Like junk bonds in the 80s, this structure will collapse when collateral values fall below asset values and stay there for a while. The mortgage institution has granted the homeowner a “put”; the ability to walk from the loan obligation when the gap between realized value and the mortgage payable becomes large enough to warrant such an action. When this happens, the housing problem goes national and the equity markets will decline.
The uncomfortable truth is that our current dilemma is based on a classic wish/belief misalignment. For the past decade, many of those who allowed their wishes to guide their beliefs took out no money down, interest-only, adjustable rate mortgages at the peak of the housing market. What’s more, our country’s financial institutions were happy to facilitate these perilous loans. In fact, the situation is now so serious that banks, according to Witter, now hold a record 43% of total assets in direct mortgage loans. (No wonder WaMu is looking for capital.)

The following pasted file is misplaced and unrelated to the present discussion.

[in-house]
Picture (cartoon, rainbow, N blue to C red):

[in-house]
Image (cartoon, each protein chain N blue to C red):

Meanwhile, prices of homes have been dropping sequentially since early this year. Eventually, housing prices will be down year-over-year in every sector of the country. New home inventories are at a record high, and existing home inventories are 40% higher than one year ago. Traditional measures tell us that housing prices are more than 25% too high. Three elements of the “wishes and beliefs” structure have brought us to this financial precipice: 1) central banks enforced low interest rates such that real rates became negative, 2) the economic history of the post-war period suggested (incorrectly) that housing never declines in unison but is a regional affair reflecting local economics, 3) the emergence of creative financing that has undermined the health and the sustainability of the national economy.